Even the most avid reader might feel a little overwhelmed this Saturday and Sunday by the embarrassment of riches that is the Texas Book Festival. The state’s biggest literary event — almost all of which is free and open to the public — boasts more than 250 authors, 20 venues and 50,000 bibliophiles. Where to begin? Our reporters and editors have put together a hand-picked list of favorites to help you decide.
Like Texas, Vermont was once — from 1777 to 1791 — an independent republic. Though the Lone Star State’s autonomy was even briefer, from 1836 to 1845, some Texans still harbor dreams of sovereignty. The state’s calamitous experience after joining the Confederacy should have discouraged any further dreams of disunion, but in 2016, the Texas Republican Party flirted with adding secession to its platform. By contrast, Vermont sent the largest per capita contingent to fight on the side of the Union.
You’ve seen the ads: smiling, fresh-faced young graduates praising schools like DeVry University and Corinthian Colleges for changing their lives. In a 2008 TV spot typical of the genre, brothers Wilfredo and Manuel Siliezar pose in front of shiny cars, talking about how studying computer technology at ITT Tech led them to great new careers. “We were the first two to have a degree out of our entire family,” Wilfredo says, before enjoying a picnic at the beach with his wife and daughter.
Muck Rack makes it simple to find people, tweets, or articles that mention any name, keyword, company, hashtag etc. We've compiled this guide to help you make the most of your search.
Selecting a term
Start searching tweets, articles from media outlets, articles mentioned in tweets, journalists'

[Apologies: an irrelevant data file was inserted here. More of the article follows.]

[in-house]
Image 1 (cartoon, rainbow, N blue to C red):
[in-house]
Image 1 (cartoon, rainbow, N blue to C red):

names, titles and bios with some suggested searches:
Companies or Topics (e.g. iPhone, Microsoft)
Phrases (e.g. "cloud computing") — use quotes to keep the terms together
Twitter handles (e.g. @username) — returns those who have mentioned or replied to
Names (e.g. "David Pogue")
Hashtags (e.g. #sxsw, #london2012)
Bio details (e.g. vegan, Olympics, father)
Muck Rack's Advanced Search allows for many boolean operators.
Find results that mention multiple specified terms, use AND or
+. For example, ensure each result contains both Elon Musk and Mark Zuckerberg by
searching Musk AND Zuckerberg or Musk + Zuckerberg.
Use the operators OR or , to broaden your search when you'd like either of
multiple terms to appear in results. (This is the default behavior of our search when no operators
are used). For example, results will contain either cake or cookie by searching cake OR cookie or cake,cookie
Use NOT or - to subtract results from your search. For
example, searching Disney will yield results about the Walt Disney Company as well as Walt Disney
World Resort. To exclude mentions of Disney World, search for Disney -World or Disney
When using one of these operators with a phrase, enclose it in quotation marks. For example, you can
find results about smartphones excluding Apple's iPhone 4S by searching smartphone -"iPhone
Exact case matching or punctuation
If you're searching for a brand name or keyword that relies on specific punctuation marks or capitalization, you can
find results that match your exact query by adding matchcase: before the keyword you're searching for, like matchcase:E*TRADE .
Use parentheses to separate multiple
boolean phrases. For example, to find journalists talking about having fun in Disney World or
Disneyland, search for ("disney world" OR disneyland) AND fun.
An asterisk can be used to search for any variation of a root word truncated by the asterisk. For example, searching for admin* will return results for administrator, administration, administer, administered, etc.
A near operator is an AND operator where you can control the distance between the words. You can vary the distance the near operation uses by adding a forward slash and number (between 0-99) such as strawberries NEAR/10 "whipped cream", which means the strawberries must exist within 10 words of "whipped cream".